Echocardiographic recognition of retroaortic linear vessels as anomalous coronaries is vital during preinterventional evaluation of ASD. While anomalous left circumflex from the right coronary artery is the most common cause of a retroaortic course, it can be observed in a single right or left coronary artery too. A large anomalous left coronary artery is more likely to be compressed, but small vessels such as circumflex or right coronary artery and smaller branches such as sinus nodal artery may not always be compressed by occluders. The potential for coronary compression can only be identified on postdeployment selective coronary angiography in the right anterior oblique projection, as the complex three-dimensional anatomical relation between the defect and the coronary cannot be predicted based on echocardiography alone. Adequacy of a retroaortic rim, especially near the aortic root is important to prevent an interaction. It is mandatory to repeat a postrelease coronary angiography to confirm the separation of the device from the coronary artery.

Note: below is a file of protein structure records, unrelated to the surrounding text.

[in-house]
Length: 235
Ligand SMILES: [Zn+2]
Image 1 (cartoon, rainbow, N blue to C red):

Declaration of patient consent

The authors certify that they have obtained all appropriate patient consent forms. In the form the patient(s) has/have given his/her/their consent for his/her/their images and other clinical information to be reported in the journal. The patients understand that their names and initials will not be published and due efforts will be made to conceal their identity, but anonymity cannot be guaranteed.

Financial support and sponsorship

Nil.

Conflicts of interest

There are no conflicts of interest.